AST node collapsing

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AST node collapsing

Jason Blochowiak
Today, while working on getting an AST set up for my parser project, I ended
up being rather surprised that inner_node_d also collapses up a node, or
somesuch. To borrow from the AST calc example:

factor = inner_node_d[ch_p('(') >> expression >> ch_p(')')];

This seems to yield an AST with no "factor" node in it - only the
"expression" remains.

I searched the mailing list archives, and this appears to be by design. I
would be interested in a more complete explanation of what the intended
behavior is - the documentation simply says "The inner_node_d directive
causes the first and last nodes generated by the enclosed parser to be
discarded", which doesn't seem to be complete.

Is there documentation for this? Or am I completely missing the boat on
this?

Is BOOST_SPIRIT_NO_TREE_NODE_COLLAPSING expected to be fully supported? It
seems to do what I want in my current project.

Thanks for any insight. If there's some text describing the intended
behavior, please point me at it. Btw, I'm using Spirit 1.8.3 on .NET C++
2003.

Cheers,
Jason




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Re: AST node collapsing

Carl Barron

On Sep 22, 2005, at 7:10 PM, Jason Blochowiak wrote:

> Today, while working on getting an AST set up for my parser project, I
> ended
> up being rather surprised that inner_node_d also collapses up a node,
> or
> somesuch. To borrow from the AST calc example:
>
> factor = inner_node_d[ch_p('(') >> expression >> ch_p(')')];
>
> This seems to yield an AST with no "factor" node in it - only the
> "expression" remains.
>
> I searched the mailing list archives, and this appears to be by
> design. I
> would be interested in a more complete explanation of what the intended
> behavior is - the documentation simply says "The inner_node_d directive
> causes the first and last nodes generated by the enclosed parser to be
> discarded", which doesn't seem to be complete.
>
   are you generating an ast tree or a parse tree? an ast tree will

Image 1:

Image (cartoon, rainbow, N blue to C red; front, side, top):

see the factor has only an expression node [after the first and last
children are deleted] so it move the expression up the tree. If you
want these one chlld nodes in your tree create a parse tree
(pt_parse instead ast_parse).  This will leave all such one node
nodes in the tree.  If you want selective pruning use gen_pt_node_d and
gen_ast_node_d to switch between them.

an ast tree is pruned of the one node nodes and a parse tree (pt) is
verbose.






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RE: AST node collapsing

Jason Blochowiak
Aha - the documentation that didn't stick properly in my head was
"ast_match_policy has the effect of eliminating intermediate rule levels
which are simply pass-through rules." I missed that - instead focusing on
the behavior of inner_node_d and root_node_d.

Interestingly enough, using the BOOST_SPIRIT_NO_TREE_NODE_COLLAPSING define
with ast_parse() yields the behavior I want - for my grammar, nodes that
appear to be "pass-through" are significant, so I want them around. At the
moment, I'm not using root_node_d, but I would strongly prefer to keep that
as an option for later, so I think I'll stick with ast & the define.

Thanks much for the clarification,
Jason


> -----Original Message-----
> From: [hidden email]
> [mailto:[hidden email]] On Behalf
> Of Carl Barron
> Sent: Thursday, September 22, 2005 9:46 PM
> To: [hidden email]
> Subject: Re: [Spirit-general] AST node collapsing
>
> On Sep 22, 2005, at 7:10 PM, Jason Blochowiak wrote:
> > factor = inner_node_d[ch_p('(') >> expression >> ch_p(')')];
> >
> > This seems to yield an AST with no "factor" node in it - only the
> > "expression" remains.
> >
>    are you generating an ast tree or a parse tree? an ast
> tree will see the factor has only an expression node [after
> the first and last children are deleted] so it move the
> expression up the tree. If you want these one chlld nodes in
> your tree create a parse tree (pt_parse instead ast_parse).  
> This will leave all such one node nodes in the tree.  If you
> want selective pruning use gen_pt_node_d and gen_ast_node_d
> to switch between them.
>
> an ast tree is pruned of the one node nodes and a parse tree
> (pt) is verbose.



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